Jerry Coyne lists his "worst songs ever". #2 is ... Charlene's "I've never been to me".
It one of my favorite songs ever!
I’ll never forget the first time I heard this song: I was driving with my girlfriend to Death Valley along route 395, skirting the spectacular eastern edge of the Sierra Nevada. (That, by the way, is my favorite road in the U.S., at least the stretch from Reno to Lone Pine.) Climbing one of the small hills on that road, we heard this song on the radio. It was so absolutely dreadful, so cloying in its lyrics, that I almost stopped the car in horror. It must have been 1982, for that’s when this musical travesty, by Charlene, was released for the second time.I'll never forget the first time I heard this song. I was walking in Manhattan with my girlfriend (also circa 1982) and we heard it on the radio. I was mesmerized. I told her it was a beautiful song. She detested it (we broke up few months later, not because of the song).
I love the melody, and the lyrics are profound and countercultural. A woman who had lived her life on the fast side-- sleeping around, chasing glamour and wealth and novelty-- is giving advice to a young mother who feels trapped. She says that what really matters is family and love and commitment, not the "subtle whoring" of the fast life.
Very countercultural. Leagues better than most of the swill the Beatles wrote.
Interestingly, my girlfriend at the time was a bit like the woman in the song-- she craved the fast life and excitement, and she clearly felt the song an affront. I remember thinking to myself at the time "of course she wouldn't like this song."
The last verse:
But you know what truth is?
It’s that little baby you’re holding, and it’s that man you fought with this morning
The same one you’re going to make love with tonight. That’s truth, that’s love
Sometimes I’ve been to cryin’ for unborn children
That might have made me complete
But I, I took the sweet life and never knew I’d be bitter from the sweet
I spent my life exploring the subtle whoring that cost too much to be free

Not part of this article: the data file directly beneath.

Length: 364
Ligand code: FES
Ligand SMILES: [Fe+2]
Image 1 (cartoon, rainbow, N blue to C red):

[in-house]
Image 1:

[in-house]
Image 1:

Hey lady, I’ve been to paradise, but I’ve never been to me
A lot of truth. A beautiful melody. I love the song . Coyne and I disagree on so much.
I think you're both wrong. Having just listened to it for the first time, I wouldn't list it as one of the worst songs. Nor one of the best songs. It's just 'mostly harmless'.ReplyDelete
On my list of best songs, I'd list 'Wuthering Heights', 'You're So Vain' and 'Eleonor Rigby'. On my list of worst songs I'd include 'They're Coming to Take Me Away, Ha-ha' and 'Schnappi, das kleine Krokodil'.
You're just wrong about 'the Beatles'. There aren't many pop groups that managed to get listed in 'Gramophone', a Penguin guide to classical music recordings, with some of their albums being given 3 (the maximum) stars.
How abot this lovely song from Russia....includes lyrics if you want to sing along.ReplyDelete
Jerry Coyne is a gift. Him and John Loftus are more irritating anti religion people than Dawkins.
I suggest scientists create hybrid between Coyne and Loftus and name it Coytus. If they add Dawkins to the hybrid it should be named Da Coytus.
How would you know that Jerry Coyne irritates atheists? I don't find him irritating. I look at his blog, and if a thread is of no interest to me, or I disagree with it, I ignore it.
As a piece of music, I don't much care for it (perhaps without that damned drum-machine it would be ok).ReplyDelete
But I do agree, the message in the song is truth and is something that everyone, both male and female (*) needs to understand and take to heart.
(*) I have a very hard time thinking of most of the so-called adults in today's society as men and women
I never heard that song before- never heard of the artist. WeirdReplyDelete
But please leave the Beatles alone. They wrote "Nowhere Man" for people like Coyne
There is a equation for great songs. Simply if lots of people like them 20 years after the song became known equals a great or good song.ReplyDelete
Its impossible to say songs are bad that are popular twenty years later.
This because all music only works based on common principals in human thought.
Music is just, remember Herbert Spencer, the mimicking of our tones of voice. Singing is just stretching our words. All is just a spectrum in using sounds to express human thoughts.
Its literally impossible for people to have different conclusions on music save on different appreciation of tones of music based on ones heartfelt attitudes.
Music only works upon common consent.
Music is just our thoughts or a copy of thoughts being pressed on our thoughts.
Music is just like movies or plays. Thats the buzz.
Its all really just showing we live by hair triggers in our hearts.
Music is just being very sensitive like having ones foot tickled.
Its really a fake stimulus but still makes you move.